We introduce Transformational Sparse Coding Trees to circumvent this problem using hierarchies of transformed features. The main idea is to gradually marginalize over an increasing range of transformations. Each node in the tree represents a feature derived as a transformed version of its parent, with the root being the template of the feature. The leaves are equivalent to a set of sparse basis features and are combined to reconstruct the input as described above. A version of the model using a forest of trees of depth one (flat trees), is given by:

where and the children of root . The feature is a leaf, derived from the root feature via the fixed (across all data-points) transformation . Deeper trees can be built accordingly (Section 3.3). A small example of a tree learned from natural image patches is shown in Figure 2.

Figure 2: Example of a tree learned from natural image patches. The leaves correspond to rigid transformations of the root.

There are multiple advantages to such a hierarchical organization of sparse features. Some transformations are more common in data than others. Each path in the tree corresponds to a transformation that is common across images. Such a path can be viewed as a “transformation feature” learned from the data. Each additional node in the tree “costs” a fixed set of new parameters equal in size to the dimensions of the underlying Lie group (six in our case). At the same time the node contributes a whole new feature to the sparse code. Averaging over many data points, smoothens the surface of the error function and makes larger transformations more accessible to optimization. Figures 1,1,1 show the error surface averaged over a batch of patches.

For every leaf that is activated, the root template represents the identity of the feature and the transformation associated with the path to the root, the pose. In other words the tree is an equivariant representation of the feature over the parameter region defined by the set of paths to the leaves, very similar to the concept of a capsule introduced by Hinton et al. (2011). In fact, every increasing subtree corresponds to a capsule of increasing size.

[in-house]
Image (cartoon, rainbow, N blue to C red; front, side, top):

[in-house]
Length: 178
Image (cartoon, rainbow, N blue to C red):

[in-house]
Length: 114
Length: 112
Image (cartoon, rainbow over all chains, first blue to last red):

2.3 Learning

The reconstruction mean squared-error (MSE) for a forest of flat trees is given by:

Increasing the feature magnitudes and decreasing the weights will result in a decrease in loss. We constraint the root feature magnitudes to be of unit norm. Consider different, transformed, versions of the same root template. For every such version there is a set of tree parameters that compensates for the intrinsic transformation of the root and results in the same leaves. To make the solution unique we directly penalize the transformation parameter magnitudes. Since scaling and parallel deformation can also change the magnitude of the filter, we penalize them more to keep features/leaves close to unit norm. The full loss function of the model is:


where is the vector of the collective parameters for generator .

Lee et al. (2007) use an alternating optimization approach to sparse coding. First the weights are inferred using the feature sign algorithm and then the features are learned using a Lagrange dual approach. We use the same approach for the weights. Then we optimize the transformation parameters using gradient descent. The root features can be optimized using the analytical solution and projecting to unit norm.

The matrix exponential gradient can be computed using the following formula (Ortiz et al. (2001)):

The formula can be interpreted as: